November 30 2018
Materials of the Ramen Industry:
In Search of a More Sustainable Noodle Product
The manufacturer of the Original Cup Noodles, Nissin, refers to their product as a “3-minute global revolution” (14), and they aren’t far from the truth. Ramen noodles have taken the world by storm. According to the World Instant Noodle Association (WINA), approximately 100 billion servings of instant ramen noodles were consumed globally in 2017 alone, equating to about 270 millions servings per day worldwide (9).
As a massively popular and globally embraced consumer product, it is important to examine the energy consumption, raw materials, and amount of waste produced by ramen noodles in order to estimate their impact on our earth and atmosphere. Through analysis and comparison of the raw materials that go into the processing, ingredients, and packaging of different noodle products, it can be determined whether certain materials are necessary or if they can be replaced or eliminated altogether in order to decrease the environmental footprint of the ramen noodle industry.
The founder of Nissin foods and instant ramen noodles, Momofuku Ando, believed that “peace will come to the world when all it’s people have enough to eat” (Leibowitz, 2011). After World War II, Japan suffered greatly from food shortages. Instant ramen noodles were Ando’s solution. Instant ramen has been a cherished, convenient food, item in many households and dorms since its creation in 1958 (14), and there are legitimate reasons for this.
Ramen noodles were developed with Ando’s five guiding principles in mind; “affordability, convenience, safety and hygiene, long shelf life, and palatability” (9). Instant ramen noodles can last between two to twelve months depending on the product (9) and, at a cost of approximately $0.29 (“Target”) at most food stores, this convenient comfort food is basically irresistible to entire populations.
Before reaching the consumer, ramen first goes through an extensive manufacturing process that begins with the initial growers and harvesters of the basic, raw materials - wheat; oil; salt; water (often alkaline water, or kensui); spices; sugar cane; soybeans; eggs; vegetables, and meat, depending on the flavor and product (“Technological” par. 1).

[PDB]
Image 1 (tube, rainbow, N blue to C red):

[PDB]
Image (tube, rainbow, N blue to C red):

At the next level, the primary materials are stored, transported, and shipped around the world for processing (Lumpur, 2013). Large refineries and blenders then process the raw materials into more manageable, shelf-stable, food substances before the ingredient manufacturers combine all of the ingredients that go into ramen noodles. In this step, wheat flour is fortified and primary raw materials like vegetables, eggs, and meat are transformed into their freeze-dried end product. Traditionally, noodles were fried in hot oil, contributing to both taste and elasticity. This technique has since been replaced with a dehydration process which still preserves the taste and texture of the noodles (Errington 1).
Product manufacturers then assemble the basic noodle ingredients, along with various food additives and antioxidants which are added for stability and shelf-life (14). A powdered flavor mix consisting primarily of oil, salt, sugar, monosodium glutamate, and meat essence is added to the noodles or placed on top in a ‘flavor packet’ (Errington 1). The noodles are then shaped into their infamous cylindrical noodle block and air-dehydrated before being packaged and transported out to retailers worldwide for consumer purchase.
Over 80 percent of communities in the U.S. rely exclusively on trucks to deliver their goods (Schoettle et al., 2016), of which food distribution plays a leading role. In a 2015 study of truck fuel consumption for business purposes, it was estimated that 54 billion gallons of fuel were consumed, “39 billion gallons of diesel fuel and 16 billion gallons of gasoline” (Schoettle et al., 2016). With a percentage of that fuel undoubtedly contributing to the transport of ramen noodles as four billion servings of instant noodles were consumed in the U.S. in 2017 alone (9).
As we delve deeper into the production methods and materials used to make ramen noodles, it becomes questionable how many of the ingredients are actually necessary to achieve a tasty and texturally-pleasing ramen product. Many noodle companies insist on adding a long list of ingredients with some products containing as many as 48 different ingredients (14).